Hmm… when I’m not writing… Farmville. No, just kidding. Although my wife might disagree with the kidding part. I’m a stay-at-home dad, so the rest of my time is dealing with the kids, preparing meals (I’m the cook of the family), and all of that other taking care of the house stuff. And we just moved, so for the past two months, most of what I’ve been doing has been involved with that.

[CJ: Moving. Ugh. The word alone sends a shudder up my spine.]

Tell us a little about your writing process.

I don’t know that I have a process other than just doing it. I develop the loose plot in my head (I have to know where I’m going) and I just sit down and start writing. I make notes about things as I go along that I’ll need to know later and won’t want to go back and find, but, really, that’s about it. However, I’m not a pantser, not by any stretch of the imagination, although it might look like that to someone watching me from the outside. I just don’t do all that heavy plotting and outlines that most plotters do.

[CJ: Sounds like you’re half pantser, half plotter. I’m plotter all the way. Those heavy plots and outlines? That’s me. :-)]

Who or what are your biggest writing inspirations?

You know, I don’t really know. The closest I get to that is, probably, C. S. Lewis. If you read The House on the Corner you can probably see why. But I wouldn’t really see that he inspired me to write. Tolkien would get closer to that, but, still, not really. Sometime during high school, I just knew that, at some point, I wanted to write. I probably waited longer than I should have, but I’m doing it now, so, maybe, that’s all that matters.   

[CJ: Indeed. That is all that matters. :)]

What have been the biggest challenges you’ve faced as a writer?

My biggest challenge was learning how to make myself do the writing. I have a bunch of projects that I started at one point or another that all ended up abandoned because I got as far as the idea in my head at the time, and I just stopped. I had to finally learn the trick I needed to get me through those spots and just keep going.

[CJ: Ooooh I’d love to know what trick you learnt!]

When I sat down to write The House on the Corner, I actually took a lesson from Tolkien. When he wrote The Hobbit, he did it as a bedtime story for his kids. He’d work on a chapter, and, when he’d finished it, he would read it to them. He worked through the whole book that way. That’s part of why my first book is about a group of children. I decided to read it to them as I went, so I would have some outside accountability. In doing that, I also decided to write it for them, and about them, so that kept me going too. And it worked.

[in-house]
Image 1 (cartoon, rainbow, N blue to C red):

[CJ: That is so cool. I love it!]

Time for the HOT SEAT questions!

Hot Seat

*Insert scary music here*

Ow! “My biscuits are burning! My biscuits are burning!” 

[CJ: Tee hee hee.]

Why do you write? What do you hope to achieve?  

First, I write because I’m good at it. That’s part of why I should have started sooner. I’ve always been good at it. Right now, realistically, I just want to write stories that people enjoy. If I can make some money or a career out of it, that would be great. My wife would certainly like it if it started to bring in some extra income, at any rate. In my dreams, I would like to be one of those writers that school children are tormented with by having to study them.  

[CJ: So your dream is to torment children? Nice… ;)]

Finish this sentence from your character (12-year-old) Tom’s perspective.

One of the most embarrassing things that has ever happened to me was…  when I got caught by a friend as I was about to rub suntan lotion on a girl.  

[CJ: Oh no! :o]

Now finish the same sentence from your own perspective.

One of the most embarrassing things that has ever happened to me was when I was a kid, maybe 10, I had to take my brother, who was 4ish, to the restroom while we were at the grocery store. I accidently took him into the women’s restroom and didn’t realize it till a woman walked in while I was trying to help him wash his hands. Actually, I was just sort of freaked out by the woman in the restroom at that point, but, when we walked out, and I saw that we’d actually been in the women’s restroom, I was completely embarrassed.

[CJ: Double oh no. Pretty funny though!]

~~~~~~~~~~~~~~~~~~~~~~~~~~~~~~~~~~~~~~~~~~~~~~~~~~~

If you’d like to hear more from Andrew, check out his blog.

If you’d like a turn in the HOT SEAT, let me know in the comments and I’ll schedule you in for a buttocks burning. 😀